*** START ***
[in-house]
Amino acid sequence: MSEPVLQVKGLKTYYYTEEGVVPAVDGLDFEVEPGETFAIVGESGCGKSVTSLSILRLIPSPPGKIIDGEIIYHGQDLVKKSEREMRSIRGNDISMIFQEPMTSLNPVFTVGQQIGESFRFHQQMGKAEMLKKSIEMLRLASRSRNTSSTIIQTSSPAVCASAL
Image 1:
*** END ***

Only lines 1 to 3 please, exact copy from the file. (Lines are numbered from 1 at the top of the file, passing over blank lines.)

[in-house]
Amino acid sequence: MSEPVLQVKGLKTYYYTEEGVVPAVDGLDFEVEPGETFAIVGESGCGKSVTSLSILRLIPSPPGKIIDGEIIYHGQDLVKKSEREMRSIRGNDISMIFQEPMTSLNPVFTVGQQIGESFRFHQQMGKAEMLKKSIEMLRLASRSRNTSSTIIQTSSPAVCASAL
Image 1: